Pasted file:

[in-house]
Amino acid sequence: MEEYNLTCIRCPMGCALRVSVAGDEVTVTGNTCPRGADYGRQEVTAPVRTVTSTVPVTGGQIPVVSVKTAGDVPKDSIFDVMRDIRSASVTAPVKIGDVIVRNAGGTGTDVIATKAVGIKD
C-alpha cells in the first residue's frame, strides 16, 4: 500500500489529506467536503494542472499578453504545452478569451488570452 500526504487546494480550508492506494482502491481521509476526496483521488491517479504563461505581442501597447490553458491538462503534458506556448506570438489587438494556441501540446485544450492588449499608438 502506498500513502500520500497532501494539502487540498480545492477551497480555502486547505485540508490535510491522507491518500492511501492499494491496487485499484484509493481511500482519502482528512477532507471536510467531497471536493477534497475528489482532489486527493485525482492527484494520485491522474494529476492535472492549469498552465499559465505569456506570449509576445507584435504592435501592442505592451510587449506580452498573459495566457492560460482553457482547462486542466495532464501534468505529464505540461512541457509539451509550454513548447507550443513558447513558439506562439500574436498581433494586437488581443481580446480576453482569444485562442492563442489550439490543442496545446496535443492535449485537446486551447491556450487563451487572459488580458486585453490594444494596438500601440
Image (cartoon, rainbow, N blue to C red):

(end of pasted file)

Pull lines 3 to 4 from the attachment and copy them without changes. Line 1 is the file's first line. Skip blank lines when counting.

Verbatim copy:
C-alpha cells in the first residue's frame, strides 16, 4: 500500500489529506467536503494542472499578453504545452478569451488570452 500526504487546494480550508492506494482502491481521509476526496483521488491517479504563461505581442501597447490553458491538462503534458506556448506570438489587438494556441501540446485544450492588449499608438 502506498500513502500520500497532501494539502487540498480545492477551497480555502486547505485540508490535510491522507491518500492511501492499494491496487485499484484509493481511500482519502482528512477532507471536510467531497471536493477534497475528489482532489486527493485525482492527484494520485491522474494529476492535472492549469498552465499559465505569456506570449509576445507584435504592435501592442505592451510587449506580452498573459495566457492560460482553457482547462486542466495532464501534468505529464505540461512541457509539451509550454513548447507550443513558447513558439506562439500574436498581433494586437488581443481580446480576453482569444485562442492563442489550439490543442496545446496535443492535449485537446486551447491556450487563451487572459488580458486585453490594444494596438500601440
Image (cartoon, rainbow, N blue to C red):